Frame-by-frame group means. (a) Tracking distances for objectively streaming (solid) and bouncing (dotted) targets (gray lines ± SEM) with streaming and bouncing target distances (straight lines; bouncing targets reverse at the point of coincidence [PoC] and distance then decreases). (b) Tracking velocities for objectively streaming (solid) and bouncing (dotted) targets (gray lines ± SEM) with streaming and bouncing target velocities (straight lines; bouncing targets reverse at the PoC and velocity goes negative). (c) Tracking distances for subjectively (i.e., reported) streaming (solid) and bouncing (dotted) targets (gray lines ± SEM) with target distances consistent with streaming or bouncing responses (straight lines; bouncing targets reverse at the PoC and distance then decreases) for all trials (no-sound and sound). (d) Tracking velocities for subjectively streaming (solid) and bouncing (dotted) targets (gray lines ± SEM) with target velocities consistent with streaming and bouncing responses (straight lines; bouncing targets reverse at the PoC and velocity goes negative) for all trials (no-sound and sound).
Figure 3
 
Frame-by-frame group means. (a) Tracking distances for objectively streaming (solid) and bouncing (dotted) targets (gray lines ± SEM) with streaming and bouncing target distances (straight lines; bouncing targets reverse at the point of coincidence [PoC] and distance then decreases). (b) Tracking velocities for objectively streaming (solid) and bouncing (dotted) targets (gray lines ± SEM) with streaming and bouncing target velocities (straight lines; bouncing targets reverse at the PoC and velocity goes negative). (c) Tracking distances for subjectively (i.e., reported) streaming (solid) and bouncing (dotted) targets (gray lines ± SEM) with target distances consistent with streaming or bouncing responses (straight lines; bouncing targets reverse at the PoC and distance then decreases) for all trials (no-sound and sound). (d) Tracking velocities for subjectively streaming (solid) and bouncing (dotted) targets (gray lines ± SEM) with target velocities consistent with streaming and bouncing responses (straight lines; bouncing targets reverse at the PoC and velocity goes negative) for all trials (no-sound and sound).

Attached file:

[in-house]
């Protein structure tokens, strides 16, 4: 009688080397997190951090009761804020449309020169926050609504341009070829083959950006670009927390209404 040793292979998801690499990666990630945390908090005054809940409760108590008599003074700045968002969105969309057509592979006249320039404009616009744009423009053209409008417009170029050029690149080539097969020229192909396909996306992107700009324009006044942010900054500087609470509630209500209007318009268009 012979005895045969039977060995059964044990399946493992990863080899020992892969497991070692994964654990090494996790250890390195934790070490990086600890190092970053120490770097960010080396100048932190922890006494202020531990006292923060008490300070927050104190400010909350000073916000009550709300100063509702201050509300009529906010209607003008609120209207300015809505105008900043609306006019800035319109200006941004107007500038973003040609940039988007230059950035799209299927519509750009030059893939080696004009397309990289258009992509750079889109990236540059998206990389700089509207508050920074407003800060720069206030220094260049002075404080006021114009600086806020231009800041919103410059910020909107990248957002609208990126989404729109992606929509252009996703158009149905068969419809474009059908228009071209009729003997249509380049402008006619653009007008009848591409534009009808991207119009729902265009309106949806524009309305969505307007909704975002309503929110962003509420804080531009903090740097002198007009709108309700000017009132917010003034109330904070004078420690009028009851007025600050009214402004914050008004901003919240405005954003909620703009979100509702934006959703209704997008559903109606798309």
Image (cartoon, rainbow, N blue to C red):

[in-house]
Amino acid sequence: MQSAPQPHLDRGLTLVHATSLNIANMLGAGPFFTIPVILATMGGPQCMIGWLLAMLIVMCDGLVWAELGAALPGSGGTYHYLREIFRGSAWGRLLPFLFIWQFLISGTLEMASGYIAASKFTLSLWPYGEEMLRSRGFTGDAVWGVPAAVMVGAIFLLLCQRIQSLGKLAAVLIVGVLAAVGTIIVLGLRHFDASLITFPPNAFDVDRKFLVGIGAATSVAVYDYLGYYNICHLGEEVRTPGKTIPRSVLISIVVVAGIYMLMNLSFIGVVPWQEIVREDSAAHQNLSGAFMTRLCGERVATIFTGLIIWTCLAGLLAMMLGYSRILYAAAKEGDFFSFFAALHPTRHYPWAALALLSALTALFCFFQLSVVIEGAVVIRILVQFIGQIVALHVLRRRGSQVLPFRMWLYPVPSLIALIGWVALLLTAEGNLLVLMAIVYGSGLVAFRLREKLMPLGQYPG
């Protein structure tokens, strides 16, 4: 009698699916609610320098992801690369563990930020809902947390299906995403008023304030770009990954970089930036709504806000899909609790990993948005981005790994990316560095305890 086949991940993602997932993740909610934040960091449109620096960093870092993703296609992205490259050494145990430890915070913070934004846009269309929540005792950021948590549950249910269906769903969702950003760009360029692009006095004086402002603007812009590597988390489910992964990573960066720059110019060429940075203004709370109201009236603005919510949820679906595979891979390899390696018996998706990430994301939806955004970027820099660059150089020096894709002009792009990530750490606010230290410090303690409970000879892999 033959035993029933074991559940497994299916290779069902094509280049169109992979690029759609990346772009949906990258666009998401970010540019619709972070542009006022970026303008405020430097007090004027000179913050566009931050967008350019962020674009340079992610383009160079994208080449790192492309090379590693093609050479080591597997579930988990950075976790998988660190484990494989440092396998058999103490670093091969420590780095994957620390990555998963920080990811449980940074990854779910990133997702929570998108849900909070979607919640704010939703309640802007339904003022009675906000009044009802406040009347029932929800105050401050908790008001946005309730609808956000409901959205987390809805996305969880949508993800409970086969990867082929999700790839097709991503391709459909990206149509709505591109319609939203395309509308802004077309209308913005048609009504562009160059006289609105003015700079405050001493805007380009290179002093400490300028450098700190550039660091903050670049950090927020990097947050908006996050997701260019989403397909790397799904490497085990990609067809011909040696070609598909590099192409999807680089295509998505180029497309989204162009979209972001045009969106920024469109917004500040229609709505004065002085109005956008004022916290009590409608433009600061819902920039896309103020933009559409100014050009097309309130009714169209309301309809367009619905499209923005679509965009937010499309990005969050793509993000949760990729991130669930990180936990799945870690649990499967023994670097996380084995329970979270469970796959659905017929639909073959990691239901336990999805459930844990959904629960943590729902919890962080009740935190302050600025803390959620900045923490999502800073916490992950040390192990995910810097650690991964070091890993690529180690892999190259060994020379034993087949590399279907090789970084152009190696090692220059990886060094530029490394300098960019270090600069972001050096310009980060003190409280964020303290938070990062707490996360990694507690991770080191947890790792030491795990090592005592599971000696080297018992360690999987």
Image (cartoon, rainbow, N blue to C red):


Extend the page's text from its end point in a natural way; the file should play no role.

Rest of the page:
Figure 4
 
Group mean tracking velocities for streaming (solid lines) and bouncing (dotted lines) responses for objective motion—(a) frame by frame and (b) in 250-ms epochs ± standard error of the mean—and for subjective motion: (c) frame by frame and (d) in 250-ms epochs ± standard error of the mean. In all panels, the red line indicates the point of coincidence. In (a, c), the straight black lines indicate the target velocity and the black bars indicate frames for which the streaming and bouncing velocities are significantly different (p < 0.05). For clarity, the y-axis in (a, c) has been truncated at 0 and so does not show the negative velocities of the bounce responses.
Figure 4